ancestral disconnect

[warning: this post is *prose* without capitalization. it happened very early this morning.]

tragic, isn’t it? how far we are from where we started.  water from a tap has forgotten the river god’s name.  immigration, flight without the household gods. arrive somewhere strange and you are vulnerable. grasping at someone else’s threads, trying to weave a new cloth from scraps.  i have the name of an island and a poet.  no wonder i’ve been drifting for years.

hearing an old poem makes me want to return to my homeland.  see the ground my great grandparents left.  took with them, only tiny pieces.  Italy, Italia, i miss you in my bones. en mie osse.  Ireland, northern England: you are my other mothers, my first name.  so much time has passed, so many words and faces have rubbed away.  will i ever touch  my ancestors’ haunting grounds?


About emvlovely

Oh, I live in an RV. I write poems, essays and prose. Thanks for reading my blog, good health to you!
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One Response to ancestral disconnect

  1. Joanie Virgil says:

    I confess, despite giving you an Irish name, there is no Irish blood on either side of the family. Dad and I just loved the name!

    Good topic, ancestors. I can understand your connection to Dad’s Italian ancestry, a strong but also inexplicable bond with a place you’ve never set foot on (yet), the birthplace of four of your great-grandparents. Unlike the Pinkham/Carlisle ancestors, who were early colonists, the Italian relatives came here much more recently and actually spent their childhood years in Italy. Despite the differences in time and place, I can’t help wondering if your English/Scottish relatives came here for similar reasons – the promise of a better life, and maybe in search of a little adventure. Of course, there is the historical fact that the Carlisles had the “noble” task of expanding the King’s empire – I’m afraid the Carlisles were Tories, and retreated to Nova Scotia during the Revolution (although there were some patriots, too, I’m told)!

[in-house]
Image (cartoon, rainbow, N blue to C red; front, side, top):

A final comment about long-ago and far-away ancestors. I had the strangest feeling when I visited England for the first time – it seemed like “home” to me, like I belonged there. Although I liked Italy, too, it was for different reasons (the long history, beautiful artwork and architecture, old cities, friendly people, and much more). But unlike England, Italy didn’t seem at all familiar to me, just a beautiful country to visit. I guess I’ve been drifting for years, too!

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